Wagner: why the music of the brilliant German composer is often misunderstood and considered difficult
Are you repelled by The Ring? Turned off by Tristan? Michael Scott Rohan asks why people find Wagner so difficult to get on with, then suggests how to get past the barriers and enjoy his music in all its glory
Wagner! The very name conjures up musical images: something vast, shadowy, Germanic, powerful. And up to a point that’s true, but it’s not the whole story.
How would you describe Wagner's music?
There’s light, laughter, the power of nature and, above all, love. In fact, you could say that Wagner, the ultimate Romantic composer, is all about nature and love. If his name also evokes fat ladies in horned helmets, or jackbooting squareheads, that’s what others have made of his vision.
All the same, he remains deeply controversial – no mean feat for an artist a century and a half after his death. He never called his music-dramas ‘the music of the future’ – that’s just another Wagner myth – but they undoubtedly helped create it. It’s been said, rightly, that we owe modern music to Tristan and Isolde (which we named one of the best operas of all time) and hardly a composer after him escaped his adventurous musical influence: Strauss, Sibelius, Dvoπák, Rimsky-Korsakov, Holst.
Debussy, writing Pelléas et Mélisande, said that one had to guard against ‘old Klingsor’, the evil enchanter in Parsifal, on every page; but he still ended up quoting that same opera. Most, though, responded like Vaughan Williams: ‘a feeling of recognition, as of meeting an old friend…’; or Puccini: ‘next to Wagner, of course, we’re all mandolin-twangers…’
Even his rival Verdi collected his scores admiringly, and in Falstaff affectionately quotes Parsifal. Sviatoslav Richter, pianist supreme, remarked ‘I had three teachers: my professor, my papa, and Wagner.’
BUT Wagner's music appeals just as directly to non-musicians. Colin Dexter, creator of Inspector Morse, insisted that if his detective’s house was on fire, the first thing he’d save was his Wagner collection. A similarly smitten Cotswolds businessman, Martin Graham, founded his own Wagner festival – in a converted chicken shed. People often think Wagner sounds like film music, but that’s because he’s influenced it so constantly, from the earliest days to the present; for example, Werner Herzog’s Nosferatu and Terrence Malick’s New World borrow the Rhinegold prelude’s primeval swirls, and it deeply influenced Hans Zimmer’s Gladiator score.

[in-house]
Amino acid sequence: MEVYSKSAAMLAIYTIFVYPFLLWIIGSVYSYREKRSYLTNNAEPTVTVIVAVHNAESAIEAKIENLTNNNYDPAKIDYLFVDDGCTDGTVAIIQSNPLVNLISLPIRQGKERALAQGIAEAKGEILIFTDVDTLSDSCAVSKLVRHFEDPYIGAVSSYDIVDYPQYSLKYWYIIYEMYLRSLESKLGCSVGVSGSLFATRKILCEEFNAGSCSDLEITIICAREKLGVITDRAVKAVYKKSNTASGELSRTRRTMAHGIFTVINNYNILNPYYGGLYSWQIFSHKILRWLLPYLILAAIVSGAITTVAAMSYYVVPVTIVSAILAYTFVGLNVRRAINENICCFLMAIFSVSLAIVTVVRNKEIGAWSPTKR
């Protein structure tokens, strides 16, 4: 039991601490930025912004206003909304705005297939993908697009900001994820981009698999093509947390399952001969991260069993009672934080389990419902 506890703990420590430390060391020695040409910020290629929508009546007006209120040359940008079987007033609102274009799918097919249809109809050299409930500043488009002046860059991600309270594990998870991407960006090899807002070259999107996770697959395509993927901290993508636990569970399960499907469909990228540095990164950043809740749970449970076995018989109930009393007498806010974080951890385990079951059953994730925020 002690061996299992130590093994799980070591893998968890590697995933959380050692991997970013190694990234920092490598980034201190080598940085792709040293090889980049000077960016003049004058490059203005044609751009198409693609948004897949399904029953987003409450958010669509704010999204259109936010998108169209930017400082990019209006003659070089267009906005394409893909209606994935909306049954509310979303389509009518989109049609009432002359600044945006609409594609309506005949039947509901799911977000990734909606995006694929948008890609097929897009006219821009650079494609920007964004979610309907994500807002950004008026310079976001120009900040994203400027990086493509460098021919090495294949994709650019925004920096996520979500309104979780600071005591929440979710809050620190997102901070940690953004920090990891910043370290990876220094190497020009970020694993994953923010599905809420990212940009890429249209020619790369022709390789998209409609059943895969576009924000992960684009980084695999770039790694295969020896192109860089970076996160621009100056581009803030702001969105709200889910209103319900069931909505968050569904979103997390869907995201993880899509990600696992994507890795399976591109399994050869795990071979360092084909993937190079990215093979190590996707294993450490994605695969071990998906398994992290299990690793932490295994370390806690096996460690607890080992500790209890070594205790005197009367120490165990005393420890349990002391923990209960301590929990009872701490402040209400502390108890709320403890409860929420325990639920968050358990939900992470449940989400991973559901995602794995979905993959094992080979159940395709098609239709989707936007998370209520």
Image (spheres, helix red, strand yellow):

Nevertheless, for some this extraordinary little German’s enormous creation is anathema, and even unbiased music-lovers can be daunted. Why? Chiefly it’s the fog of myths and misconceptions that surrounds him: that his scale is mere bombast, that he’s unbearably long. Actually, he’s no more grandiose than Beethoven, Mahler or Schoenberg. Operas by Monteverdi, Handel, even Mozart – Don Giovanni – aren’t much shorter. Nor the Greek dramatists, Goethe or Shakespeare, Wagner’s dramatic models; and his emotional and intellectual humanity puts him on their level.
Why are Wagner operas so long?
If his operas are long, it’s because there’s so much there – and the more you get to know them, the shorter they seem. Admittedly more active, human subjects like The Flying Dutchman and Die Meistersinger are easier going than the more philosophical and psychological Tristan and Parsifal. But you don’t need to plunge headlong into the latter, as we’ll see.
Nor do you have to mug up for weeks. Not content with re-imagining the nature and staging of opera, Wagner developed a unique compositional technique based on motifs, short themes with dramatic associations. Fanatical commentators systematically dissected these, gave them pat name-tags – ‘Renunciation of Love’, ‘The Spear’, ‘The Curse’ and so on – and insisted poor listeners memorise vast lists before being admitted to ‘The Experience’. Which is monumental rubbish; what great music was ever tinkered together like Lego? Wagner’s technique is vastly more complex.